Stuart King

Review: HARRY CLARKE at Ambassadors Theatre

Following the death of his drunken father in a tractor accident, an awkward and un-sporty Midwesterner who has adopted an affected British accent since childhood, moves to New York City in search of a more cosmopolitan vibe. And now that he is here, why should he bore New Yorkers with his real back story when by developing the fully-rounded and louche persona of HARRY CLARKE to accompany his existing London brogue, he can embark on a fresh and exciting new chapter in his life.

Harry Clarke - LondonBilly Crudup in Harry Clarke at the Ambassadors Theatre. Credit Carol Rosegg.

There are definitely strains of The Talented Mr Ripley and Six Degrees of Separation in David Cale’s tightly scripted monologue which sees uptight and out-of-water Philip Brugglestein, leave his backwater, and in the process transform himself into a devil-may-care, and confident alter ego who seduces men women and mothers, when the mood takes him. Often played from the angle that the monster has a life of its own and is both unpredictable and uncontrollable, our protagonist finds himself exasperatedly shouting at mirrors when reflecting on his recent outlandish behaviour and the seemingly spontaneous and outrageous claims to notoriety which blurt unchecked from his mouth. At any moment, the entire deception could unravel, but there is never any real sense of jeopardy or consequence. Instead, Billy Crudup’s mellifluous and well-honed comedic delivery of a range of characters circling in Harry’s orbit, provides a feast for the ears and eyes as he subtly deploys a multitude of interchanging voices, accents and personality traits enabling the captivated audience to accompany him on his journey. This is storytelling as high art and delivered with considerable style and flair.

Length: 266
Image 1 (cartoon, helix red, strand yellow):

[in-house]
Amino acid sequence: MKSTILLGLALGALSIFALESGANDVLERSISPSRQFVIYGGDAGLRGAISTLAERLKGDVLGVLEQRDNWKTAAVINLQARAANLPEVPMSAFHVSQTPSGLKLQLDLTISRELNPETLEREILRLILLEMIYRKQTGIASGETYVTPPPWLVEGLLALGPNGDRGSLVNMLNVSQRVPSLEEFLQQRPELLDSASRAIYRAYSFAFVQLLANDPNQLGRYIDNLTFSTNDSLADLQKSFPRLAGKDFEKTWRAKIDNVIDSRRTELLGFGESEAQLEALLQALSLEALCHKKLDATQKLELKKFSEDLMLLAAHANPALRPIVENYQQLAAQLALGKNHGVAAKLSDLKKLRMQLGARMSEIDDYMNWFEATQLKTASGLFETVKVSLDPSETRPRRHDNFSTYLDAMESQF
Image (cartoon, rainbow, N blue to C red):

Directed by Leigh Silverman, HARRY CLARKE may be a one man show, but Billy Crudup’s superb delivery, renders it a bright and brilliant addition to London’s West End.